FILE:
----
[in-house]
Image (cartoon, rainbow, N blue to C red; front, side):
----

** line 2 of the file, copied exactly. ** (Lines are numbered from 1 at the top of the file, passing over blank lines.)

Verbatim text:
Image (cartoon, rainbow, N blue to C red; front, side):